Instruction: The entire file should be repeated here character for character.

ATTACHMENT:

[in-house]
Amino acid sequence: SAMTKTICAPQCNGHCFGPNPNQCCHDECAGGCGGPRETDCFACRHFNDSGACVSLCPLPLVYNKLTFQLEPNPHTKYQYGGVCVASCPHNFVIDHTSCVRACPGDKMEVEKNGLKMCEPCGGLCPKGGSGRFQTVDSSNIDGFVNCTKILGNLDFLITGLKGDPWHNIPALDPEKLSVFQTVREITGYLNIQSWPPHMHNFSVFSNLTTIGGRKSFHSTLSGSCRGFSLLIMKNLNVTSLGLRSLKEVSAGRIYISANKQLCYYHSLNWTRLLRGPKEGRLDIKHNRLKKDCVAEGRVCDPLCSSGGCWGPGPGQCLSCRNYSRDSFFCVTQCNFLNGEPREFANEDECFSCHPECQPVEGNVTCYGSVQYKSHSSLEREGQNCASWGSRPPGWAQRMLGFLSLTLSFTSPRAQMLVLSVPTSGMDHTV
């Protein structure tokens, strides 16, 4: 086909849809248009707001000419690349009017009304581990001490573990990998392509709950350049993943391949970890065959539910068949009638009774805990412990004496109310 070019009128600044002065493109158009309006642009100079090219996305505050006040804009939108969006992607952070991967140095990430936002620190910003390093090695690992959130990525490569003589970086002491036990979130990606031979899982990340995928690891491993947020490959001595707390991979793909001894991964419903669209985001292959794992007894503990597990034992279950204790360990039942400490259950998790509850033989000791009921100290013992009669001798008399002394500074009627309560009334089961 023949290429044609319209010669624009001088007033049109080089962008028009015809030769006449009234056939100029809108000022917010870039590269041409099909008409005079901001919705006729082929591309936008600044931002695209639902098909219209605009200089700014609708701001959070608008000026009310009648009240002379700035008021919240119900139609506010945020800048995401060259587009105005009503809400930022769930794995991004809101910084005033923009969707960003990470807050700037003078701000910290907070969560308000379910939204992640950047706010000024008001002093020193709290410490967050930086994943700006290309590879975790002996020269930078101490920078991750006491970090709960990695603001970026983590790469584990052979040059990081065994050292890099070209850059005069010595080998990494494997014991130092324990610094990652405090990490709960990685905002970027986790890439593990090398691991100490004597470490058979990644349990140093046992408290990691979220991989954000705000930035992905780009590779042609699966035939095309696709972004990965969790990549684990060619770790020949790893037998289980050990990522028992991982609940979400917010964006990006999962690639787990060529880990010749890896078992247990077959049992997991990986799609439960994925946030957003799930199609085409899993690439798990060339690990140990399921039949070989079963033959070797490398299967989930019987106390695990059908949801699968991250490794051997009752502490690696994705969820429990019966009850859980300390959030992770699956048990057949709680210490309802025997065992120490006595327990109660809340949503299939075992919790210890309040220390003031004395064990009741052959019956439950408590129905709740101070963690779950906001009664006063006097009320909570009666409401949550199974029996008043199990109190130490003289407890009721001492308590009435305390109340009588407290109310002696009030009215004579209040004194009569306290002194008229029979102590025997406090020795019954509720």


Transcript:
[in-house]
Amino acid sequence: SAMTKTICAPQCNGHCFGPNPNQCCHDECAGGCGGPRETDCFACRHFNDSGACVSLCPLPLVYNKLTFQLEPNPHTKYQYGGVCVASCPHNFVIDHTSCVRACPGDKMEVEKNGLKMCEPCGGLCPKGGSGRFQTVDSSNIDGFVNCTKILGNLDFLITGLKGDPWHNIPALDPEKLSVFQTVREITGYLNIQSWPPHMHNFSVFSNLTTIGGRKSFHSTLSGSCRGFSLLIMKNLNVTSLGLRSLKEVSAGRIYISANKQLCYYHSLNWTRLLRGPKEGRLDIKHNRLKKDCVAEGRVCDPLCSSGGCWGPGPGQCLSCRNYSRDSFFCVTQCNFLNGEPREFANEDECFSCHPECQPVEGNVTCYGSVQYKSHSSLEREGQNCASWGSRPPGWAQRMLGFLSLTLSFTSPRAQMLVLSVPTSGMDHTV
């Protein structure tokens, strides 16, 4: 086909849809248009707001000419690349009017009304581990001490573990990998392509709950350049993943391949970890065959539910068949009638009774805990412990004496109310 070019009128600044002065493109158009309006642009100079090219996305505050006040804009939108969006992607952070991967140095990430936002620190910003390093090695690992959130990525490569003589970086002491036990979130990606031979899982990340995928690891491993947020490959001595707390991979793909001894991964419903669209985001292959794992007894503990597990034992279950204790360990039942400490259950998790509850033989000791009921100290013992009669001798008399002394500074009627309560009334089961 023949290429044609319209010669624009001088007033049109080089962008028009015809030769006449009234056939100029809108000022917010870039590269041409099909008409005079901001919705006729082929591309936008600044931002695209639902098909219209605009200089700014609708701001959070608008000026009310009648009240002379700035008021919240119900139609506010945020800048995401060259587009105005009503809400930022769930794995991004809101910084005033923009969707960003990470807050700037003078701000910290907070969560308000379910939204992640950047706010000024008001002093020193709290410490967050930086994943700006290309590879975790002996020269930078101490920078991750006491970090709960990695603001970026983590790469584990052979040059990081065994050292890099070209850059005069010595080998990494494997014991130092324990610094990652405090990490709960990685905002970027986790890439593990090398691991100490004597470490058979990644349990140093046992408290990691979220991989954000705000930035992905780009590779042609699966035939095309696709972004990965969790990549684990060619770790020949790893037998289980050990990522028992991982609940979400917010964006990006999962690639787990060529880990010749890896078992247990077959049992997991990986799609439960994925946030957003799930199609085409899993690439798990060339690990140990399921039949070989079963033959070797490398299967989930019987106390695990059908949801699968991250490794051997009752502490690696994705969820429990019966009850859980300390959030992770699956048990057949709680210490309802025997065992120490006595327990109660809340949503299939075992919790210890309040220390003031004395064990009741052959019956439950408590129905709740101070963690779950906001009664006063006097009320909570009666409401949550199974029996008043199990109190130490003289407890009721001492308590009435305390109340009588407290109310002696009030009215004579209040004194009569306290002194008229029979102590025997406090020795019954509720």